Photo/IllutrationPrime Minister Shinzo Abe and U.S. President Donald Trump hold a meeting in New York on Sept. 21. (Takeshi Iwashita)

  • Photo/Illustraion

NEW YORK--The leaders of Japan, the United States and South Korea agreed on Sept. 21 to apply even greater pressure on North Korea to force Pyongyang to abandon its nuclear weapons program.

“Through cooperation between Japan, the United States and South Korea as well as by joining with the international community, we will apply an unprecedented higher level of pressure on North Korea to force it to change policy,” Prime Minister Shinzo Abe told reporters after his meeting with U.S. President Donald Trump and South Korean President Moon Jae-in.

During their talks that lasted for about an hour, the three leaders agreed to lobby other U.N. member nations, including China and Russia, which have called for greater dialogue with North Korea, to fully implement a U.N. Security Council agreement concerning North Korea. The agreement calls for tougher economic sanctions on Pyongyang, including restrictions on petroleum exports.

At the start of the meeting, Trump announced new sanctions that the United States would impose on companies that engage in business transactions with North Korea.

Abe expressed his support for the new U.S. sanctions, saying, “Through cooperation between Japan, the United States and South Korea, we will discuss the strategy that would lead to North Korea abandoning its nuclear weapons development program in order to decide on what future steps were needed.”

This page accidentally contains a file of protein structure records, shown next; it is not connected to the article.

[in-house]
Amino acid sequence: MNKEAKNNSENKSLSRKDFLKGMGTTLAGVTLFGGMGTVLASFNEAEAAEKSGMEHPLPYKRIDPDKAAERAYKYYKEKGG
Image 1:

Moon said South Korea would cooperate with the international community to apply further pressure on Pyongyang.

The three leaders said such pressure will continue to be applied until North Korea takes specific steps toward denuclearization.

According to South Korean government officials, Trump said there would be no change in the U.S. defense commitment toward Japan and South Korea.

But the leaders were not all on the same page concerning one issue.

Government officials who briefed reporters said Abe expressed reservations toward South Korea’s plan to provide $8 million (about 900 million yen) in humanitarian support to North Korea.

“There is a need to avoid any action that will interfere with the pressure being applied on North Korea,” an official quoted Abe as saying at the meeting.

Abe later met separately with Trump.

Saying the Japan-U.S. relationship “has never been closer,” Trump said much progress had been made on the North Korean issue and bilateral trade.

In addition to discussing how to deal with Pyongyang, Abe and Trump talked about the Japan-U.S. economic dialogue that is expected to start in October as well as Trump’s scheduled first visit to Japan as president in early November.

“We want to further strengthen the Japan-U.S. relationship by having President Trump visit Japan,” Abe told reporters after the meeting.

Abe is scheduled to return to Tokyo’s Haneda Airport on the evening of Sept. 22.

(This article was written by Daisuke Hirabayashi and Nozomi Matsui.)